Francis Mahony


The Bells Of Shandon - Poem by Francis Mahony

WITH deep affection,
And recollection,
I often think of
   Those Shandon bells,
Whose sounds so wild would,
In the days of childhood,
Fling around my cradle
   Their magic spells.
On this I ponder
Where'er I wander,
And thus grow fonder,
   Sweet Cork, of thee;
With thy bells of Shandon,
That sound so grand on
The pleasant waters
   Of the River Lee.

I've heard bells chiming
Full many a clime in,
Tolling sublime in
   Cathedral shrine,
While at a glib rate
Brass tongues would vibrate--
But all their music
   Spoke naught like thine;
For memory, dwelling
On each proud swelling
Of the belfry knelling
   Its bold notes free,
Made the bells of Shandon
Sound far more grand on
The pleasant waters
   Of the River Lee.

I've heard bells tolling
Old Adrian's Mole in,
Their thunder rolling
   From the Vatican,
And cymbals glorious
Swinging uproarious
In the gorgeous turrets
   Of Notre Dame;
But thy sounds were sweeter
Than the dome of Peter
Flings o'er the Tiber,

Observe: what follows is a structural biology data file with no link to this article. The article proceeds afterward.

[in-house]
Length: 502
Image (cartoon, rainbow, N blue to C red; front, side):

Pealing solemnly--
O, the bells of Shandon
Sound far more grand on
The pleasant waters
   Of the River Lee.

There 's a bell in Moscow,
While on tower and kiosk O!
In Saint Sophia
   The Turkman gets,
And loud in air
Calls men to prayer
From the tapering summits
   Of tall minarets.
Such empty phantom
I freely grant them;
But there 's an anthem
   More dear to me,--
'Tis the bells of Shandon,
That sound so grand on
The pleasant waters
   Of the River Lee.


Comments about The Bells Of Shandon by Francis Mahony

There is no comment submitted by members..



Read this poem in other languages

This poem has not been translated into any other language yet.

I would like to translate this poem »

word flags

What do you think this poem is about?

Read poems about / on: river, childhood, magic, memory, music, water



Poem Submitted: Saturday, January 4, 2003



[Report Error]